Organisers: Christian Sammer, Thomas Steller, Christian Vogel
During the 19th century, exhibitons developed to independent cultural "events of demonstration and representation". Similar to fairs and museums, they connected education, enlightenment and information to pleasure and the mediation of knowledge, which is one reason why they became attractive to millions of people. Regarding the dual nature of exhibitions as media of the mediation and of the presentation of knowledge, it seems reasonable to define them as elements of a relationship between economy, politics, science and publicity. In this context exhibitions appear to be the results of different contents of knowledge and of numerous system rationalities.
The workshop was dedicated to those researchers who concentrate on working historically on exhibitions as ways of presentation and of mediation of knowledge. It has brought together German and international researchers of different scientific perspectives.
Organisers: Alan Lessoff, Anna-Lisa Müller
Guests: Richard Schneirov (Indiana State University), Kate Masur (Northwestern University), Jørn Brøndal (University of Southern Denmark)
This three-week workshop provided historians and social scientists with an intense introduction to theoretical, historiographic, transnational, and comparative approaches that scholars of the United States use when examining the decades between the Civil War and World War I, the period of rapid economic development and cultural and political transformation when the foundations of the country's twentieth-century power took shape. Participants gained a basic understanding of the assumptions, at times unspoken, behind the ways that American historians write about and analyse the United States as a developing society. Participants have also had opportunities to present and discuss their own works-in-progress with visiting experts versed in the relevant themes.
Please visit http://ekvv.uni-bielefeld.de/kvv_publ/publ/vd?id=23857319 for a detailed programme.
Organisers: BGHS, Semion Lyandres, Stephan Merl, Andreas Vasilache, Dietmar Wulff, Tatjana Zimenkova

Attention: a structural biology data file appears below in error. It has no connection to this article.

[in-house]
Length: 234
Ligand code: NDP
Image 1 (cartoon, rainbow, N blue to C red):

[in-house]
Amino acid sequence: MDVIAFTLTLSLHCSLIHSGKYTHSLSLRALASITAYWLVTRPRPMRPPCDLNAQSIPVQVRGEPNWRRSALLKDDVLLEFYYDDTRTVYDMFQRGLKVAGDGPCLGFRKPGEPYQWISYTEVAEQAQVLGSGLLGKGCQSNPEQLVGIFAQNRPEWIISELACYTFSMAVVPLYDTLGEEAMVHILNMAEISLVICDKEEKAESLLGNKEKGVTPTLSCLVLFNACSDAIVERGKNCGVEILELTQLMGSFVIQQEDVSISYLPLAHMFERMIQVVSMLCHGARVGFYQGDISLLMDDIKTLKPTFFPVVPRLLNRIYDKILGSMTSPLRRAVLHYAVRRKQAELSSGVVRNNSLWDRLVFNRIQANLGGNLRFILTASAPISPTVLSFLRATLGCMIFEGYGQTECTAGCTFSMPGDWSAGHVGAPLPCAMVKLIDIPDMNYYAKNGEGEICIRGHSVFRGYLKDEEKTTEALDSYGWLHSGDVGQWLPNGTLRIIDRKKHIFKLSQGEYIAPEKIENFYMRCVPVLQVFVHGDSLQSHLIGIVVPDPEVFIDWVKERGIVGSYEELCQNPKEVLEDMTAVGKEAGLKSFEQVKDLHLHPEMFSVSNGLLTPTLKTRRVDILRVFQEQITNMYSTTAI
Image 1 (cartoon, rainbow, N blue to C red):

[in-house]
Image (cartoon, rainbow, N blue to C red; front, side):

In cooperation with: Department of History (Bielefeld University), Department of History (University of Notre Dame, USA), Center of European and German Studies (Bielefeld University and St. Petersburg State University, Russia)
The second part of the workshop established the year before by the CGES, the University of Notre Dame and the BGHS again focused on Russian and German identities. This year it took place in Notre Dame. Four plenary sessions consisted of presentations and discussions. The two keynote speeches, held by Stephan Merl and Tatjana Zimenkova, covered the interdisciplinary perspective of the workshop, too. The excursion took the participants inter alia to the Amish County.Programme
Organisers: Tobias Graf, Stefanie Hoherz
In cooperation with: Westfälisch-Lippische Universitätsgesellschaft
Commentators: Martin Diewald (Bielefeld), Mechtild Oechsle (Bielefeld), Michael Wagner (Cologne)
This workshop examined the changes in the labour markets and the impact of those changes on private sphere. In addition we also looked how changes in the private sphere affect the labour market and organisations. The workshop provides doctoral researchers the opportunity to present and discuss a research question of their dissertation project with experts and peers.
Organisers: Almut Kirschbaum, Melanie Steiner
In cooperation with: Hans-Böckler Foundation
Guests: Jens Bergmann (Hannover), Peter Kels (Darmstadt), Gabriele Wagner (Hannover)
Whereby research colloquia usually examine the thematic focus of individual dissertation projects, this research workshop focused on applying the methods of reconstructive social research. The research workshop provided doctoral researchers with the opportunity to discuss data from their dissertation project with the group, in particular specific methodological problems. Thematically, the research workshop focused on questions from a sociology of work perspective (but included to the sociologies of organisations, business and gender, too).